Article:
'Washing hands has saved more lives than any medical breakthrough in a generation': MRSA cases plummet as campaign helps hospitals clean up their actTriple the amount of soap and alcohol gel bought follow launch of 2004 campaignMore diligent procedures have saved 10,000 lives says report author Campaign reminded
visitors and staff to scrub hands before
touching patients, eating food and after going to the toilet

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UPDATED:

10:57 GMT, 4 May 2012

Washing away the problem: The campaign to get staff and the public to was their hands in hospitals has halved the number of MRSA cases, says a new study

Washing away the problem: The campaign to get staff and the public to was their hands in hospitals has halved the number of MRSA cases, says a new study

Thousands of deaths have been prevented in hospitals because medical staff are being more diligent about washing their hands, a study has claimed.

The high-profile Clean Your Hands campaign to encourage doctors and nurses to use soap and water or alcohol gel between patients has saved more lives than any medical development for a generation, according to the report published in the British Medical Journal today.

Following the launch of the drive in 2004, the amount of soap and alcoholic hand rub bought by
NHS trusts almost tripled.

Over the same period of time MRSA
rates in hospitals fell by more than half, while there was a
significant drop in the number of Clostridium difficile infections.

Sheldon Paul Stone who led the study, estimated that around 10,000
lives were saved because of the campaign which encouraged medical staff to take the simple step of washing their hands.

He added: ‘If hand hygiene were a new drug, pharmaceutical companies would be out selling it for all they were worth.’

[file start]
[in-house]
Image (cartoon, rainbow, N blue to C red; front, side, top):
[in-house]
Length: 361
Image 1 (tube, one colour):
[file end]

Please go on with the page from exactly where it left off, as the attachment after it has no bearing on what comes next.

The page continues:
There
were around 1,000 deaths from MRSA and 4,000 deaths from C.diff each year in
the mid-2000s, with the National Audit Office estimating that it cost
over 1billion a year to treat people who developed the infection.

Rates for the superbugs MRSA rose significantly in the 1990s from just 100 a year to a peak of 7,700 in 2003 to 2004. Following the launch of the hand-washing campaign rates fell steadily each year to 1,481 cases in 2010 to 2011.

Enlarge

MRSA cases started dropping in 2004 after the 'Clean Your Hands' campaign was launched

MRSA cases started dropping in 2004 after the 'Clean Your Hands' campaign was launched. Click enlarge to see greater detail

The Clean Your Hands campaign reminded visitors and staff to go back to basics by scrubbing their hands before touching patients, eating food and after going to the toilet.

Thousands of posters were put up by
bedsides to drive the message home and regular checks were made to
ensure hands were kept clean.

The
BMJ study found that the number of patients infected with MRSA fell
from 1.88 cases per 10,000 bed days to 0.91 over the four-year period.

Superbug: An electron micrograph of the MRSA bacteria which has killed thousands of people, but is now on the decline in hospitals

Superbug: An electron micrograph of the MRSA bacteria which has killed thousands of people, but is now on the decline in hospitals

Over the same time rates of C.diff
infection dropped from 16.75 to 9.49 cases, while the cases of MSSA – a
bacteria found on the skin – did not fall.

The study also found that hospital
trust procurement of soap and alcohol hand rub rose from a combined
21.8ml to 59.8ml per patient bed day over the period.

The
increased levels of soap in hospitals was linked to reduced rates
C.diff infection, while rising levels of alcohol hand rub were
associated with a reduction in MRSA cases.

The number of MRSA infections fell to 1,114 for the period 2011-12.

Studies in 2004 showed one in four doctors and nurses in Britain still did not wash their hands reliably between every patient.

The campaign which ended in 2010 cost 500,000 over four years.

Researchers
from University College London Medical School and the Health Protection
Agency say 'strong and independent associations' between the rise in
soap orders and the fall in infection rates ‘remained after taking
account of all other interventions’.

Changing attitudes: Doctors and nurses are now taking more care to wash their hands using soap or alcohol gel between seeing patients

Changing attitudes: Doctors and nurses are now taking more care to wash their hands using soap or alcohol gel between seeing patients